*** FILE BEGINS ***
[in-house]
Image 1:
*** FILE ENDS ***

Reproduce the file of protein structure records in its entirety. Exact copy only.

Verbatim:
[in-house]
Image 1: